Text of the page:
The UK used to be the world’s number three aviation market. Only the US and China carried more passengers. And that traffic supported over one million jobs. That is a testament not only to the adventurous British public, but also to the professionalism and excellence of the UK aviation sector.
Successive UK governments have consistently taken this success for granted. They’ve treated airlines as a cash cow, raising billions in air taxes.
They’ve allowed the country’s principal air gateway, Heathrow, to gouge its customers, providing massive returns to its shareholders while making it the most expensive airport in the world to do business.
But the pandemic has shown that this complacent attitude towards one of Britain’s few undoubted business success stories cannot continue.
Key EU competitors have overtaken Britain in many respects, whether in the size of their airlines, the number of routes served, the flexible response to the pandemic, or their competitive cost base. The British people and the British economy are set to pay a price for this Government neglect.
It is not too late. The UK still has a strong base to rebuild. But it will need the Government and Civil Service to take aviation seriously as a strategic asset for Britain.
Consider the environment. Airlines recently committed to achieving net-zero carbon emissions by 2050, giving the opportunity of green flights for all. But to achieve that, we need much more sustainable aviation fuel to be made.
The Biden administration is incentivising the production of at least 11 billion litres of sustainable aviation fuel by 2030. This is leadership. It comes in stark contrast to the EU ReFuel initiative, which imposes mandates but provides no incentives to achieve them.
And we need the aircraft manufacturers to develop clean electric and hydrogen planes. The Government can help to encourage that investment. Diverting, say, £1 billion of air passenger duty would be a big help.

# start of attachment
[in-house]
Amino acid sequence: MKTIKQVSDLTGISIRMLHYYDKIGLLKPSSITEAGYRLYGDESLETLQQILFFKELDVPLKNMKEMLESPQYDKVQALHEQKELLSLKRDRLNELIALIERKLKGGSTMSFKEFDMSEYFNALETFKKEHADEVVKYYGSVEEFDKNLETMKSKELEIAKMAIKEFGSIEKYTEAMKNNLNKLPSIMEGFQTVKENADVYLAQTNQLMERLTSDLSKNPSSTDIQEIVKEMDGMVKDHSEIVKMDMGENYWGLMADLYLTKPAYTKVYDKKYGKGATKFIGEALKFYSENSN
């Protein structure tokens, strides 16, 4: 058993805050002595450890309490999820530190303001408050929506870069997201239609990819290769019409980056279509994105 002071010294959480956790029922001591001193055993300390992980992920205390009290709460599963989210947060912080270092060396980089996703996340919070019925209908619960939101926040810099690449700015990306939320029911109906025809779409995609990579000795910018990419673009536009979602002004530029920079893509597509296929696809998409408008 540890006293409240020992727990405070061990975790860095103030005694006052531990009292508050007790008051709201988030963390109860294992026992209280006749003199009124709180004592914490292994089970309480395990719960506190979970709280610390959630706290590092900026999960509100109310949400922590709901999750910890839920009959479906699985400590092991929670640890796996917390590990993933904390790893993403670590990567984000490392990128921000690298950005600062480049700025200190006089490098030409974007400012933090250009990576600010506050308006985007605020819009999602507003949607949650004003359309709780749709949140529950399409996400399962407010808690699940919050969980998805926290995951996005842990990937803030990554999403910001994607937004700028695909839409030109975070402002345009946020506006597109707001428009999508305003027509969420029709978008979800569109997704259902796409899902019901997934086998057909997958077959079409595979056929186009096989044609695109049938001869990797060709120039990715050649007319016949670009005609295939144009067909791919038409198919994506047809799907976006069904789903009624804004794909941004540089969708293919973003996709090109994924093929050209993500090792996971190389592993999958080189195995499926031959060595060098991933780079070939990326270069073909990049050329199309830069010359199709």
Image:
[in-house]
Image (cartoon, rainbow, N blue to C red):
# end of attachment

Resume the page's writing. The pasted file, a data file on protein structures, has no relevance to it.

Government can also get serious in making Heathrow’s shareholders share the pain the rest of us have felt in the pandemic.
They are looking to make back the money they lost in the past couple of years, not by reducing their dividends or making efficiency savings, but by increasing landing fees by 90 per cent. That means a typical family travelling through Heathrow could be paying some £100 more. Only a monopoly could behave like this.
Most urgently of all, the Government has to get a grip on the pandemic restrictions. Getting rid of PCR tests for vaccinated travellers this month will be a welcome step. Simplifying the ridiculous traffic-light system and reducing the number of red list countries is also good news.
But the same mistakes that led to the UK having the most expensive PCR tests in the world are being repeated with the move to antigen tests. You can pick these up in Europe for €5 on the high street.
But in the UK, the state-sponsored rip-off will continue, with tests costing £35, available only from a closed shop of providers. It’s not good enough.
Between February and August, the PCR test positivity rate of arriving passengers to the UK was one per cent, and the positivity rate from testing the general population was seven per cent. So we can confidently say travel is not increasing the UK’s Covid-19 risk.
We’re all sick of Zoom. We’d much rather zoom off to visit people in person. But getting back those jobs, those air routes and those opportunities won’t happen by magic.
The Government shut down air travel – now we’re going to need Government support to ensure Britain flies higher in the future.